Claw-back clauses constrain given freedoms, access to information

United Nations Special Rapporteur on the Rights to Freedom of Peaceful Assembly and of Association, Clement Nyaletsossi Voule, following a visit to Zimbabwe in 2019, noted in a subsequent report that Zimbabwe was suffering from political polarisation and poor governance.

MISA Zimbabwe would like to announce the publication of the 2021 state of the media report which takes a look at the media landscape and operating environment with regards to freedom of expression, access to information, digital rights, media sustainability  and media freedom in Zimbabwe. Below is an excerpt from the report;

United Nations Special Rapporteur on the Rights to Freedom of Peaceful Assembly and of Association, Clement Nyaletsossi Voule, following a visit to Zimbabwe in 2019, noted in a subsequent report that Zimbabwe was suffering from political polarisation and poor governance.

The Special Rapporteur noted then, that civic space continued to deteriorate, re-establishing an environment of fear and persecution.

The UN Special Rapporteur’s report came on the backdrop of his visit to Zimbabwe on 17 – 27 September 2019 at the invitation of the government. The purpose of the visit was to assess the exercise, promotion and protection of the rights under his mandate in a moment of transition following the adoption of the new Constitution in 2013 and the change of leadership in Zimbabwe.

He urged the government to take action to end corruption, and tellingly, to improve the human rights situation and ensure accountability and rule of law to encourage the lifting of “measures” imposed on Zimbabwe.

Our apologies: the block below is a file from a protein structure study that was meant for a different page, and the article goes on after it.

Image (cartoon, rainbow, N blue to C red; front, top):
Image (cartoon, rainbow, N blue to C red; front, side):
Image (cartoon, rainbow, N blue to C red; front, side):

The Special Rapporteur recommended for the repeal of legislation that is inconsistent with the Constitution, particularly that affecting the exercise of fundamental freedoms.

He also said steps should be taken to ensure that all those monitoring assemblies, including journalists, media workers and human rights defenders, are allowed to do so and are protected at all times during assemblies and that violations are duly investigated.

The government was also urged to refrain from introducing restrictions on access to and the use of the internet, including shutdowns.

His observations then, came prior to the gazetting of the Private Voluntary Organisations (PVO) Amendment Bill at the end of 2021.

If enacted, the PVO Amendment Bill threatens to muzzle the work of civic society and negatively impact on the operating media freedom and freedom of expression and free expression environment ahead of Zimbabwe’s 2023 general elections.

The gazetting of the PVO Amendment Bill also came on the backdrop of Zimbabwe’s slippage in the Reporters Without Borders’ 2021 media freedom rankings.

Zimbabwe slid in the rankings, falling from 126 to 130.

The downside of these developments should, however, be viewed on the progress made on the access to information front following the enactment of the Freedom of Information Act as well as the marked reduction in the number of media freedom violations in 2021 compared to 2020.

Zimbabwe’s 2013 Constitution explicitly provides for the right to access to information, freedom of expression and of the media, among other progressive provisions under its Bill of Rights.

In that regard, commendable steps were taken to give effect to the enjoyment of the right to freedom of information through the enactment of the Freedom of Information Act in 2020 in place of the widely discredited Access to Information and Protection of Privacy Act (AIPPA).

The new information law is a progressive step towards fostering citizens’ right to access to information. Other commendable developments include the licensing of the country’s first-ever community radio stations and “private” commercial television stations.

However, these progressive steps risk being marred by some claw-back provisions in some of the laws such as the Data Protection Act (despite some of its progressive provisions) and the gazetted PVO Amendment Bill.

Further, the government of Zimbabwe is drafting amendments to the Criminal Law (Codification and Reforms) Act aimed at criminalising engagements between citizens of Zimbabwe and foreign embassies without government approval.